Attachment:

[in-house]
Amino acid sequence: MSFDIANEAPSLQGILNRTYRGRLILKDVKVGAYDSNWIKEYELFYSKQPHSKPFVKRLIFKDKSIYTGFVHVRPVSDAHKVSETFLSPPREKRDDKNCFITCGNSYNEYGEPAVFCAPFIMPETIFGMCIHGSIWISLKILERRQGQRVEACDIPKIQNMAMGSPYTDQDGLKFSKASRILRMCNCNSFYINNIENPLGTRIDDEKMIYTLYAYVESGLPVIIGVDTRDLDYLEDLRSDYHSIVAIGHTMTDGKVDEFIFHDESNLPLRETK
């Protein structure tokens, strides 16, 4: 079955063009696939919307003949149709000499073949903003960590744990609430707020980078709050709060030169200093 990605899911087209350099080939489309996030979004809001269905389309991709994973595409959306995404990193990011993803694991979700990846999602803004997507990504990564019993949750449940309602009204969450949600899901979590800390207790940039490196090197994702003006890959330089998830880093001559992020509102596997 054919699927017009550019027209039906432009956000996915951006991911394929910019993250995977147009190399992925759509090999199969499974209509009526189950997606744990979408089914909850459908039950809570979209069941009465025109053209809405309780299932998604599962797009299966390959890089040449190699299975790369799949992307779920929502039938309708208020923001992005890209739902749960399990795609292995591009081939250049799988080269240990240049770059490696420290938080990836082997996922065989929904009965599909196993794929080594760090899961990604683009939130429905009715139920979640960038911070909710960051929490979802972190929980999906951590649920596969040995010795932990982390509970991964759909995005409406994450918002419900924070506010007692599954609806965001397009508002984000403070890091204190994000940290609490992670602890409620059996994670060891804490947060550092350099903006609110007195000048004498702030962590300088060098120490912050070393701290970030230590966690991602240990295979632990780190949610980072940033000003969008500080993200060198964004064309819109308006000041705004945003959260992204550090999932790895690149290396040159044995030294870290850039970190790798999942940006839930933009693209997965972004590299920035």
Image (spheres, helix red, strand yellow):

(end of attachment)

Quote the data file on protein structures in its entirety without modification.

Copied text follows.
[in-house]
Amino acid sequence: MSFDIANEAPSLQGILNRTYRGRLILKDVKVGAYDSNWIKEYELFYSKQPHSKPFVKRLIFKDKSIYTGFVHVRPVSDAHKVSETFLSPPREKRDDKNCFITCGNSYNEYGEPAVFCAPFIMPETIFGMCIHGSIWISLKILERRQGQRVEACDIPKIQNMAMGSPYTDQDGLKFSKASRILRMCNCNSFYINNIENPLGTRIDDEKMIYTLYAYVESGLPVIIGVDTRDLDYLEDLRSDYHSIVAIGHTMTDGKVDEFIFHDESNLPLRETK
């Protein structure tokens, strides 16, 4: 079955063009696939919307003949149709000499073949903003960590744990609430707020980078709050709060030169200093 990605899911087209350099080939489309996030979004809001269905389309991709994973595409959306995404990193990011993803694991979700990846999602803004997507990504990564019993949750449940309602009204969450949600899901979590800390207790940039490196090197994702003006890959330089998830880093001559992020509102596997 054919699927017009550019027209039906432009956000996915951006991911394929910019993250995977147009190399992925759509090999199969499974209509009526189950997606744990979408089914909850459908039950809570979209069941009465025109053209809405309780299932998604599962797009299966390959890089040449190699299975790369799949992307779920929502039938309708208020923001992005890209739902749960399990795609292995591009081939250049799988080269240990240049770059490696420290938080990836082997996922065989929904009965599909196993794929080594760090899961990604683009939130429905009715139920979640960038911070909710960051929490979802972190929980999906951590649920596969040995010795932990982390509970991964759909995005409406994450918002419900924070506010007692599954609806965001397009508002984000403070890091204190994000940290609490992670602890409620059996994670060891804490947060550092350099903006609110007195000048004498702030962590300088060098120490912050070393701290970030230590966690991602240990295979632990780190949610980072940033000003969008500080993200060198964004064309819109308006000041705004945003959260992204550090999932790895690149290396040159044995030294870290850039970190790798999942940006839930933009693209997965972004590299920035």
Image (spheres, helix red, strand yellow):